Numbers of Germans out of work rose for the ninth month running in December but held close to a post-reunification low, adding to signs Europe’s largest economy remains relatively unscathed by the region’s crisis.
Labour Office data showed the jobless figure rose by 3,000 in seasonally-adjusted terms to 2.942 million, much lower than the consensus forecast in a Reuters poll of 23 economists for a rise of 10,000.
The unemployment rate held steady at 6.9 per cent.
“Despite the economic dip, the labour market is not suffering a breakdown,” said Stefan Schilbe at HSBC Trinkaus. “Companies are not willing to put qualified workers out of a job, also in the light of the high number of unfilled jobs.”
“Once the economy improves in the course of the year, unemployment too is likely to fall again with a delay.”
Germany’s economy weathered the three-year euro zone debt crisis well until it slowed in the third quarter of last year. Economists expect it to have contracted in the fourth quarter but generally see it escaping a recession before gradually improving later in 2013.
The country’s labour market, meanwhile, remains robust compared to many other European countries, thanks in part to years of wage restraint and structural reforms undertaken in the mid-2000s.
In Spain, for example, 4.8 million people were registered as out of work last month, data from Madrid showed on Thursday.
Unemployment hit a record 25 per cent in the third quarter of last year in the euro zone’s fourth biggest economy, where a stubborn recession is likely to put more people out of work.
In Germany, many are hoping a jobless rate that appears to have stabilized close to historically low levels will fuel private consumption and drive economic growth at home and, via imports, in the wider euro zone.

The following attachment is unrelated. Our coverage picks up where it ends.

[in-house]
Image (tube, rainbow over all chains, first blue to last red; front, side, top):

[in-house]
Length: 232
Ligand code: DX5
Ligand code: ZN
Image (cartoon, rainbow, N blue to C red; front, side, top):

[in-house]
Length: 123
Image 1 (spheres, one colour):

In percentage terms, December’s jobless reading was just a touch above the 6.8 per cent that marked its lowest point since the country was reunified in 1990. It held at that level for 10 months from December 2011.
But signs of economic weakness are increasing, enough to impact morale among German consumers, which dropped for the fourth month running heading into January to its lowest level in more than a year.
Big German firms including Metro, the world’s No.4 retailer, Siemens AG and Deutsche Bank are slashing thousands of jobs.
Others like Opel, the German unit of U.S. auto maker General Motors, and steel maker ThyssenKrupp, have said they are returning to “Kurzarbeit”, a government-subsidized short-time work scheme that was used widely during the global financial crisis.
German manufacturing activity shrank for the tenth consecutive month in December, according to a purchasing managers’ index (PMI), but the closely-watched Ifo survey showed business morale rose.
Economists say they do not expect the number of unemployed to rise sharply however and the labour market should improve when the economy picks up again this year.
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